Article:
Navigation Links
Natural brain substance blocks weight gain in mice, UT Southwestern researchers discover
Date:1/27/2009

DALLAS Jan. 28, 2009 Mice with increased levels of a natural brain chemical don't gain weight when fed a high-fat diet, researchers at UT Southwestern Medical Center have found.

The chemical, orexin, works by increasing the body's sensitivity to the "weight-loss hormone," leptin, the researchers report.

Finding a way to boost the orexin system may prove useful as a therapy against obesity, said Dr. Masashi Yanagisawa, professor of molecular genetics at UT Southwestern and senior author of the study, which appears in the January issue of Cell Metabolism.

"Obese people are not deficient in leptin," Dr. Yanagisawa said. "They have tons of leptin floating around. The problem is that their brain isn't very sensitive to it." Orexin, which Dr. Yanagisawa discovered about a decade ago, is involved in controlling appetite and sleep. He found that reduced levels of orexin lead to the sleep disorder narcolepsy in both rodents and humans.

Orexin can boost the appetite in the short term, but, paradoxically, a lack of orexin leads to obesity in the long run. "It's been confusing," said Dr. Yanagisawa, an investigator with the Howard Hughes Medical Institute at UT Southwestern.

Part of the confusion comes about because orexin acts on two different molecules in the brain, OX1R and OX2R. In the current study, the researchers aimed to distinguish which action was involved in weight control.

The researchers increased the levels of orexin in mice, either through genetic engineering or by administering the hormone into the brain.

When these mice were fed a healthy diet, the increased levels of orexin made little difference in their weights compared to normal mice; however, when the mice were fed a high-fat diet, the high-orexin mice remained lean while the normal animals became obese. This difference was due to an increase in the rate of metabolism high-orexin mice burned fuel up to 20 percent faster than normal mice.

The high-orexin mice had lower blood levels of leptin, implying that the leptin was more effective in controlling weight in these mice. In addition, when the researchers administered leptin to the high-orexin mice, the animals responded with a much greater loss of appetite and weight compared to normal mice given leptin.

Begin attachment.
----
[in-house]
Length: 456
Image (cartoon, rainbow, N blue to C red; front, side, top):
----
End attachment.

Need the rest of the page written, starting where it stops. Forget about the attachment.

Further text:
The researchers also administered a substance that activates only OX2R to separate out orexin's possible double action. The mice given this substance showed the same beneficial response to high-fat diets and leptin, confirming that OX2R controls the interaction.

These results clarify the action of orexin and point to OX2R as a potential route to help treat obesity, but any practical use is still far off, Dr. Yanagisawa said.

A primary hurdle to orexin-based drug development is a defense system in the body called the blood-brain barrier, which prevents many substances in the blood from penetrating into the brain. Because of this, orexin cannot reach the brain when it is given orally or as an intravenous or subcutaneous injection.

"Fortunately, however, high-orexin mice show no sleep/wake disturbance or other serious side effects," Dr. Yanagisawa said.

"This study suggests that if we can develop a compound that mimics the action of orexin on its receptor, we might be able to treat narcolepsy and other sleep disorders, as well as obesity," Dr. Yanagisawa said. "We have already screened out some such 'orexin mimics.' The next step is to do serious medicinal chemistry to make variations of these compounds to get them more potent and specific. If we could advance to early clinical trials in five years, I'd say we'd be lucky.